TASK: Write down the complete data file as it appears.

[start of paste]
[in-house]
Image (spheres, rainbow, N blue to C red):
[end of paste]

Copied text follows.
[in-house]
Image (spheres, rainbow, N blue to C red):